Posted: 10.09.21 at 01:05 by Jason Noble (local democracy reporter)
Ir will not come as much of a surprise to motorists on the Shotley peninsula to learn that one in five inspections of live roadworks carried out by Suffolk Highways failed to meet acceptable standards, according to new data.
A Suffolk County Council report prepared for the authority’s full council meeting said that 18,000 inspections of ‘live’ roadworks were carried out last year, of which around 20% failed.
The report said that so far this year the failure rate is at a similar level.
Among things inspectors are looking for are whether working practices are safe, whether they comply with the permit given, if work is up to the correct standard or whether the site is reinstated properly once work has finished.
The report said: “As a result the works promoter either carried out remedials or were issued with sanctions for their failings.”
Fines dished out last year totalled £202,660.
The level of fine depends upon the nature of the breach and how quickly the fine was paid.
A highways spokesman said: “Suffolk County Council meets regularly with work promoters to discuss performance and address particular areas of concern with the relevant work promoters.
“However, 2020/21 was a challenging year for the construction/utility sector on resource and materials to deliver works.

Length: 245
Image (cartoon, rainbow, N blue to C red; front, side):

“Suffolk County Council continues to actively engage with work promoters on seeking to improve their performance on behalf of the residents of Suffolk.”
The authority switched to a permit scheme in 2020 where firms and utilities seeking to do work would require a permit to do so, often containing conditions around working times or measures that must be complied with.
The first year of the scheme saw 60,000 permit requests processed.
National data in the report estimated that congestion and disruption from the 2.5million roadworks carried out nationally each year cost the UK economy around £4billion.
That meant the 50,000 roadworks in Suffolk could have an impact of as much as £80m locally, although it is recognised that work – whether to the road surface itself or for utility firms – were necessary.
The council report said: “[The] network assurance [team] have the responsibility to determine the right balance between the delivery of national infrastructure projects, important maintenance to the highway assets and utility (including new infrastructure or upgrading existing) assets and efficient use of the road space and mitigating disruption where possible to do so.”
Sarah Adams, leader of the Labour group at the county council, said the inspection failure rate was “yet more bad news for the residents of Suffolk who have had to put up with never ending road works, disruption and misery”.
She added: “If 20% of the works are not satisfactory then there is something seriously wrong with the system.
“It would be interesting to know exactly which companies have been fined and how much, are there serial repeat offenders and do the penalties make any difference to performance?
“Do we taxpayers just have to put up with the never ending chaos or can the county council or any other authority sort this out for once and for all?”
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